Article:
ST. PAUL, Minn. — Judge Wilhelmina Wright, who was Minnesota's first Black woman to serve as a federal judge, has announced she will retire from the bench early next year.
Wright announced Thursday that she would be retiring Feb. 15, 2024. She, after serving as a state district court judge, an appellate court judge and a justice on the Minnesota Supreme Court.
"I have so appreciated my tenure as a federal trial judge since my appointment by President Obama. The work has been challenging and rewarding. I have enjoyed working closely with my terrific staff and my dedicated colleagues. Ensuring justice for all has been the goal of my career and I have worked every day for justice in this remarkable job," Wright said in a statement. "Now, after a long career in public service, I have decided that the time is right to focus on other ways to serve. My husband has retired, and I am also looking forward to spending more time with him and with our daughter."
Born in Virginia, Wright attended Yale for her undergraduate degree before graduating from law school at Harvard.
"In 1995, I had the easiest decision of my career: whether to hire Mimi Wright as an Assistant U.S. Attorney before anyone else could snap her up. I watched with awe as she surmounted all barriers to serve with distinction in an unprecedented four judicial offices," former Minnesota Supreme Court Justice David Lillehaug said. "In Judge Wright, intelligence, integrity, and grace come together."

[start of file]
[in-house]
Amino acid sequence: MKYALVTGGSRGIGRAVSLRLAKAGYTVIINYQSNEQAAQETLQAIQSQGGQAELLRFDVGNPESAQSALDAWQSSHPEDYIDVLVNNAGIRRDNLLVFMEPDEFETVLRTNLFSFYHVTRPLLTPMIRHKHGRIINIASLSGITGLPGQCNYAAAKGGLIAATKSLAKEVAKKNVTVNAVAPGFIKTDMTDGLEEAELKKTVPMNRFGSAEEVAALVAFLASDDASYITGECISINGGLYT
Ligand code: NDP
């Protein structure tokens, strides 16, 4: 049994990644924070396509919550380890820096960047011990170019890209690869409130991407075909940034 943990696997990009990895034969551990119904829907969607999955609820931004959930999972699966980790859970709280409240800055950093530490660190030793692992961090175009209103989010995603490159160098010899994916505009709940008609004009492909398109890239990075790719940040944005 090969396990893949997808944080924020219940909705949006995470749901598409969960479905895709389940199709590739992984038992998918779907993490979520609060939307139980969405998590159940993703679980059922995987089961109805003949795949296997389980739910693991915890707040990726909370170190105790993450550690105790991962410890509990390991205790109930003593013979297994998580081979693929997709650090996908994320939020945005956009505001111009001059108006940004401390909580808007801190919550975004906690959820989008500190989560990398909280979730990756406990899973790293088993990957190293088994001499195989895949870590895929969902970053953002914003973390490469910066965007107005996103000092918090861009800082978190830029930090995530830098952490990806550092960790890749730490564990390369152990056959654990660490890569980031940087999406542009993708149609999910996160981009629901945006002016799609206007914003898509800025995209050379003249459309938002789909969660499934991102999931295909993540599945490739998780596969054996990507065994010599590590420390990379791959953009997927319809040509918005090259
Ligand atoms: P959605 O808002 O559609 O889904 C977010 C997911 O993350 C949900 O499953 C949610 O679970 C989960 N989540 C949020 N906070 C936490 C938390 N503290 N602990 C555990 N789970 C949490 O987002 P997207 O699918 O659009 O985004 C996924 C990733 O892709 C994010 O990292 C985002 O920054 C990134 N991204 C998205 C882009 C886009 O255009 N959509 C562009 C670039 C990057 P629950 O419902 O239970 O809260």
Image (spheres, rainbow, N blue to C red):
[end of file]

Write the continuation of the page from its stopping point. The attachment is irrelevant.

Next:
Wright was reportedly among the peoplewhen he was tasked with choosing the nomination to fill former Justice Stephen Breyer's seat on the U.S. Supreme Court. That seat ultimately went to Justice Ketanji Brown Jackson.
"On behalf of the federal court in Minnesota, I want to thank Judge Wright for her outstanding service to the people of Minnesota and the nation. It has been a great honor to serve with her," Chief Judge Patrick J. Schiltz said. "Judge Wright is exceptionally talented, and she has a well-earned reputation as a fair, reasonable, and dedicated judge. All of us federal judges have been privileged to work with her during the latest chapter of her extraordinary career."
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